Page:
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Foreign Experience

Max writes:

I work as an office PA in Malta, which has a small but steadily growing film industry largely based on foreign films shooting here rather than our own local production. We have all manner of shoots here from music videos and small commercials to high-budget, high-profile American films and TV, and everyone pretty much just works on whatever comes along regardless of size. As an example, in the last year I’ve worked on an HBO tv show, a French feature films and the biggest international film to come out of Norway. I would love to some day transfer to the US job market, do you think I would stand a good chance of finding work with a couple of years working here under my belt? Or do you think that I would have to start from volunteer positions again?

(Obviously I am aware of the immigration issue, but that is something I can sort myself, so it doesn’t have any bearing on my question.)

In all honesty, your work environment seems generally a little more terrifying than mine is, but I guess it’s best to know my options.

So what do you think- can a European PA jump into the US job market, or is it back to square one for the foreign girl with the funny accent?

In all honesty, I doubt most people would know where these shows and commercials were filmed.  Write your resume just like any American PA would, and, if you’re legal to work in the US as you said, simply don’t mention the fact that you’re an immigrant.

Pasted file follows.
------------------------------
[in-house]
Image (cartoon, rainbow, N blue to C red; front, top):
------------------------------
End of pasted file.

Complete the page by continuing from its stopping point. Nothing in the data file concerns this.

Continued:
I’m not saying that there’s a bias against non-Americans. Your written English is superb for a second language (you did write “a French feature films”, which could just as easily be a typo an Ugly American like me would make), and no one will think any less of you when they call and hear your accent.

It’s just that you never know what will turn a potential employer off. You’ll be going up against many other well-qualified production assistants. If the coordinator has had one bad experience with a fresh-off-the-boat PA, that might be enough for her to cut you from the list of potential interviewees.

Yes, even Canadians.
Pictured: how all Americans sees all non-Americans.

But once your foot is in the door, and you don’t act like a crazy person, you’ll have a fair chance at getting that job.

If you can legally work in Los Angeles (or, to a lesser extent, New York), you’ll be fine. Or, as fine as any of the rest of us PAs struggling for work.

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One Response

  1. One time on a show I was on, the unit that went to a foreign country liked a guy they met there so much they brought him back with them and employed him. Maybe try that route – hit up the people you’ve worked with and see if they’ll take you under their wing! If you’re still on PA level, this is a hell of a lot easier than higher up. Might as well go for it!

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